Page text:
From the Fields - David Richter

David Richter

By David Richter, Sutter County farmer


In our area, we’re fighting geese in the wheat fields. We’re trying to scare them out of fields, using scarecrows and driving four-wheelers out towards them to get them out of the fields. Usually, they’d be out in the rice fields eating last year’s leftovers. There’s less feed for them because 90% of the rice fields were fallowed last year, so they’re hitting the wheat crops looking for food.

We also have some cover crops. There’s vetch with a little mixture of cereal grains, and the geese are flying into that. They’re eating the cereal grains, but they don’t seem to be touching the vetch. The bad thing is I go scare them out of one field, and then they fly to my other field.

The wheat is about 8 to 12 inches high. Usually, they say when it gets about 12 inches high, the geese won’t get into it, but it’s different this year. They’re getting into it. I know of about 500 to 600 acres in the area that have been destroyed. It’s too late to replant. If we get a water allocation, those fields may be planted to rice.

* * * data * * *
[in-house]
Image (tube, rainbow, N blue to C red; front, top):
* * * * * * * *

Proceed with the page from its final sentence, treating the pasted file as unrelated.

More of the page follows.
The wheat is recovering from the early rains, and (last week we had) another series of rain. If we get overly wet, your yields can decrease. Some of the wheat got hurt because it had too much water when it was younger.

I planted wheat because of the price and because of my rotation. The last two or three years I planted very little, and this year I planted a little bit more so I could get more out my water allocation for other crops. We’re at least two to three weeks out before we start groundwork (for tomato planting). It’s pretty wet out there, yet we’re still waiting for an official allocation of our water.

Permission for use is granted. However, credit must be made to the California Farm Bureau Federation